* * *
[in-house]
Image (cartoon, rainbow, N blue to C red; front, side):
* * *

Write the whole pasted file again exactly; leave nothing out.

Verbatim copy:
[in-house]
Image (cartoon, rainbow, N blue to C red; front, side):